The memorandum provides an extra $400 in unemployment benefits, but in order for it to work, the states would have to put up one-fourth of the money. The memorandum doesn’t require states to put up the money; it “calls on” them to do it, because the President, unless authorized by Congress, can’t make states pay for something they don’t want.
Executive orders and memorandums are reflective of my current position as the father of two pre-teen girls. I can declare the direction the household should go, I can “call on them” to play less Fortnite and eat more fruit, but my orders and their subsequent implementation often just serve to illustrate the limits – both perceived and real –of my paternal power.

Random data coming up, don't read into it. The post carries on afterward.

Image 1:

Programming Note: Matthew Albright is a permanent panelist on Monitor Mondays (with me:) ). Listen to his legislative update sponsored by Zelis, Mondays at 10 a.m. EST.
Even though the public health emergency (“PHE”) for the COVID pandemic is scheduled to expire July 24, 2020, all evidence indicates that the PHE will be renewed. I cannot imagine a scenario in which the PHE is not extended, especially with the sudden uptick of COVID.
Center for Medicare and Medicaid Services (CMS) has given guidance that the voluminous number of exceptions that CMS has granted during this period of the PHE may be extended to Dec. 1, 2020. However, there is no indication of the RAC, and MAC audits being suspended until December 2020. In fact, we expect the audits to begin again any day. There will be confusion when audits resume and COVID exceptions are revoked on a rolling basis.